05 Oct 4 Staggering Facts about Discrimination in Education, Can you be discriminated against for education?
Talking about discrimination in education, have you ever been treated unfairly at school? By others students? The school’s staffs? Or oven one of the teachers? That must be so awful. However, you might not the only one experienced this. In fact, there are a lot of pupils put in a disadvantage just because who they are!
Different students are discriminated against in various way. Some of them are being attacked on what race they belong to, their skin color, or their religion views. While, the rest are distinguished for what they look, how they act, who they want to be, and several others reasons. Due to act of biased, the majority define how the others should be treated. It like a bunch of students telling a new kid that if you are “different”, then you are “weird”. It seems trivial, but that phrase clearly describes there is a separation happened! Even though it becomes less powerful the discrimination is still there, taking place in every educational system.
What’s education discrimination?
Discrimination in education occurs when there are unjustifiable acts given to individuals or group who fall into certain categories in possessing their full rights to acquire knowledge. Typically, the discriminatory actions or inaction are committed by others students. But, in many cases, it is also involving the education providers like schools, universities, colleges, and teachers. Examples include all the disparate treatments in which marginalized students are sidelined compared to their non-minority peers regarding to suspensions, penalties, bias in school assessment ad policies, exclusions in access to facilities and services and any others detriments.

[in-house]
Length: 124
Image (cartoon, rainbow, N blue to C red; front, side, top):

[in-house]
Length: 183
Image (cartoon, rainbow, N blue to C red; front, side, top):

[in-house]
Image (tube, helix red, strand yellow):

Then, the question for all of us is why students suffer from a lack of justice, when educational environment should be a safer place for them. Even more surprising is the fact that the common reasons why people are treated differently is because of so-called fundamental human rights as mentioned bellow:
1. Undermining gender equity
Did you know that Worldwide, 129 million girls drop out of school! Quoted from UNICEF.org across the countries, 129 million girls are out of school including: 32 million of primary school, 30 million of lower-secondary school, and 67 million of upper-secondary school. Moreover, in conflict-affected countries, girls are twice as likely to drop out of school as girls living in unaffected countries. The reasons are many, but mainly gender prejudice. From the moment they were born, girls are supposed to face unequal gender stereotypes regarding to the society’s opportunities and expectations.
Patriarchal culture, often favoring boys when investing in education. Boys are encouraged to work and get high positions so it is important for them to get an education. While, girls are expected to be good housewives, they carry heavy household responsibilities from an early age that keep them away from school. Unfortunately, even girls who are able to go to school still resist much more barriers. In some places, school does not meet the equal safety for girls. Girls are particularly at risk for gender-based violence at school such as physical or sexual violence, abuse, and bullying.
2. Racial inequality
When you are a student, part of a majority group in your country and moreover if your country is relatively homogeneous, race will not be the main identity maker affecting education at all. But, how about the International students? Or those who are part of minority group? Of course, this is a serious matters! Inequalities and discrimination based on race and ethnicity has been serious,deeply rooted dilemma throughout history. For decades, minority students have lagged behind their peers in many aspects, mostly academic achievement.